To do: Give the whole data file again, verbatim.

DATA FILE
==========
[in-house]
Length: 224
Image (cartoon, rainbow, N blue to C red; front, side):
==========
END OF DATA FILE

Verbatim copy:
[in-house]
Length: 224
Image (cartoon, rainbow, N blue to C red; front, side):